Receiving a letter from the Minnesota Board of Nursing is every nurse’s worst nightmare. Often nurses who are reported to the Board of Nursing have been terminated from their nursing job or ‘resigned in lieu of termination.’ (Both are reportable by law). As if losing your job isn’t bad enough, now you have to defend your nursing license, your livelihood, who you are!
While being represented by a lawyer is not mandatory, it is highly recommended. You have worked hard to become licensed as a nurse. I know. I am a nurse. Having legal representation will provide a nurse with the best possibility for a fair outcome.
The Nursing Board is represented by an attorney from the Minnesota Attorney General’s Office, shouldn’t you be?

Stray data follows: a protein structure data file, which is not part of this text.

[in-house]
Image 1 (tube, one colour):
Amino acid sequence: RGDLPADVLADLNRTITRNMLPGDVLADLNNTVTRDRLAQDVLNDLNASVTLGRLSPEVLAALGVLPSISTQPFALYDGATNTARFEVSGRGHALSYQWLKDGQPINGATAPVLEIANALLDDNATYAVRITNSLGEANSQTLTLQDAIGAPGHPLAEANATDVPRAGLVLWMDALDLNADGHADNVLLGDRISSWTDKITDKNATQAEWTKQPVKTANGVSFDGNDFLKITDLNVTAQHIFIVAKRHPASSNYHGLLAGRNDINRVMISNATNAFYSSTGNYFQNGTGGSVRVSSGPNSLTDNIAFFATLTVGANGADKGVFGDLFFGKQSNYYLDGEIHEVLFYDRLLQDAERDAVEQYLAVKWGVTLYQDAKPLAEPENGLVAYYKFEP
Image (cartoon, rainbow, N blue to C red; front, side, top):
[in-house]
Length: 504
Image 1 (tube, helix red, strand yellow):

The Minnesota Board of Nursing‘s mission statement reads:
“The mission of the Minnesota Board of Nursing is to protect the public’s health and safety through regulation of nursing education, licensure and practice.”
This may be a surprise to many nurses. The reality is the Nursing Board is charged with protecting the public from nurses who are not safe to provide patient care, not protecting the nurse.
Nurses are held in high public regard and we, as nurses, must do all we can to uphold that public trust. Nurses must help each other when deficiencies in practice are noted or when changes are noticed in a nurse’s practice and physical appearance as that may indicate a substance abuse issue. We should confidentially encourage the nurse to seek help before the consequences become severe.
Nurses are human. We make mistakes, and we too can suffer from substance use disorders (addiction) just like anyone else. We can become overly sensitive to our patients’ needs and end up crossing boundaries, or have a boss who just ‘has it out for us.’
After over 30 years as an RN, I can say I have not ever met a nurse who didn’t put his/her patients first, providing the best care possible even under adverse conditions.